Reggae Books

Bass Culture: When Reggae Was King by Lloyd Bradley
Bass Culture

This book is the first major account of the history of reggae music – from ska to rock-steady to dub and then to reggae itself, a local music which conquered the world. There are many extraordinary stories about characters like Prince Buster, King Tubby and Bob Marley. But this is more than a book of music history: it relates the story of reggae to the whole history of Jamaica, from colonial island to troubled independence, and Jamaicans, from Kingston to London. FIND OUT MORE

Dancehall: The Rise of Jamaican Dancehall Culture by Beth Lesser.
dancehall

Dancehall history – from its roots to its heights. Living in Jamaica in the late 1970s/early 1980s, Beth Lesser photographed and documented a cultural explosion as producers, singers, DJs and soundmen made a living out of the slums of Kingston. In the early 1980s, as Jamaica was in the throes of political and gang violence, Beth Lesser ventured where few others dared and this book is a never-before-seen record of the exciting, dangerous and vibrant world of Dancehall. FIND OUT MORE

People Funny Boy: The Genius of Lee ‘Scratch’ Perry by David Katz.
People Funny Boy

Arguably the most influential force in Jamaican music, Lee Perry brought Bob Marley to international stardom and has since collaborated with artists such as Sir Paul McCartney, The Clash and The Beastie Boys. The book delves behind the myth of Perry to give a fuller examination of his life and work through extensive interviews with family members, fellow artists, friends, lovers, enemies, as well as the man himself to present a complex portrait of a unique soul driven by unseen spiritual forces. FIND OUT MORE

This is Reggae Music: The Story of Jamaica’s Music by Lloyd Bradley.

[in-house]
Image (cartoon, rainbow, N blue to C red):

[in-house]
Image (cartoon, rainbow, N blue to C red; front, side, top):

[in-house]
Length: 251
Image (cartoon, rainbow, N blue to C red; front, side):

this is reggae music

A definitive history of Reggae music, from Ska all the way to Dancehall. With flair, skill, passion and stamina, Lloyd Bradley traces Jamaican music’s odyssey through the years. FIND OUT MORE

Dub: Soundscapes and Shattered Songs in Jamaican Reggae by Michael E. Veal.
Dub

When Jamaican recording engineers Osbourne “King Tubby” Ruddock, Errol Thompson, and Lee “Scratch” Perry began crafting “dub” music in the early 1970s, they were initiating a musical revolution that continues to have worldwide influence. Michael Veal examines dub’s social significance in Jamaican culture. He further explores the “dub revolution” that has crossed musical and cultural boundaries for over thirty years, influencing a wide variety of musical genres around the globe. FIND OUT MORE

The Reggae Scrapbook by Roger Steffens.
reggae scrapbook

A survey of the history and meaning of reggae music in Jamaica and elsewhere profiles the leading musicians and offers vintage photographs and reproductions of flyers, posters, records and jackets, and other items. FIND OUT MORE

Caribbean Popular Music: An Encyclopedia of Reggae, Mento, Ska, Rocksteady, and Dancehall by David V. Moskowitz.
caribbean popular music

Exploring the singers, songwriters, history, culture, and fashions of reggae and Caribbean music Reggae music is more than just steel drum bands on a white sand beach. Its history is rich with culture and evolution, helping to tell the story of Jamaica’s past. This book is the most complete and up to date encyclopedia of reggae, mento, ska, rocksteady, and dancehall music on the market today. FIND OUT MORE

Wake the Town and Tell the People: Dancehall Culture in Jamaica by Norman C. Stolzoff.
Wake the town and tell the people

Dancehall – from the urban ghettos of Kingston to the rural districts of the countryside – is the most potent form of popular culture in Jamaica. this is an academic look at the developments and the role of Dancehall in Jamaican culture and society. FIND OUT MORE

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